The world and its many, many systems are infinitely complicated and unquantifiable. Yet we hold out hope that if we can collect enough information, we can find the answers to big questions about science, medicine, life, and everything we can imagine.
Unfortunately, the more data we collect, the harder it is to interpret. Big data in particular tends to have enormous scale, unseen patterns, and far more than two interesting dimensions.
How did we harness our information? With visualizations. Where words and numbers fail, visualizations can make dense technical information decipherable.
Choosing our visualizations carefully can make the difference between groundbreaking discovery and fruitless data manipulation. We use graphs, images, diagrams, et cetera to understand our data, to explain our points to others, and to attempt to grasp the significance and implications of all of the masses of data that we generate.
I recently gave a talk at this year’s Great Lakes Software Excellence Conference (GLSEC) on “Visualizations: Making Data Make Sense.” I shared some of what I’ve learned about how to build the right visualization for your data. You can find a video and my slides below.
The theme of GLSEC 2017 was “big data,” and that almost kept me from submitting a talk. Throughout my career I’ve been working with “big data” ideas, and going to “big data” events, and talking to “big data” people, but I’ve always felt like something of an impostor saying that I know big data.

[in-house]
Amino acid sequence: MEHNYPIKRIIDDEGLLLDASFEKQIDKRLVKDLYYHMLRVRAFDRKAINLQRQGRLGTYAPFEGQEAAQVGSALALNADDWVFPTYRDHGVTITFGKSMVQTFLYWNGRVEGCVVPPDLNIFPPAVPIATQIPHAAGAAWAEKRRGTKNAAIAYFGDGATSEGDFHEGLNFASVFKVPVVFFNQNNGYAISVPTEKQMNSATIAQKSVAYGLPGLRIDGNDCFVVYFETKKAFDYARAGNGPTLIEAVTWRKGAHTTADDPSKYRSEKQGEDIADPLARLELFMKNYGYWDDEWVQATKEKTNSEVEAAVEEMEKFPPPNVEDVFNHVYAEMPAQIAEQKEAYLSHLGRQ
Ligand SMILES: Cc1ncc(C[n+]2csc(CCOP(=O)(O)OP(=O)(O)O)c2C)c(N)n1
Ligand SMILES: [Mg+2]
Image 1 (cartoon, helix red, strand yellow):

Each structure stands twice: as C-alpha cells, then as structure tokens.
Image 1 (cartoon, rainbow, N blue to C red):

But I spent all that time around big data people for a reason: I built tools that helped people interpret big data. At the University of Michigan 3D Lab, we worked with a number of scientists and specialists who needed to understand large quantities of information. Despite having collected as much data as they possibly could about complex systems, they couldn’t even begin to comprehend those systems using the data alone. Our job at the 3D Lab was to build tools to help them.
To learn more about how visualization can augment your understanding of your data, and how to identify and build the right visualization, check out the video and slides below. Learn how to make your data make sense!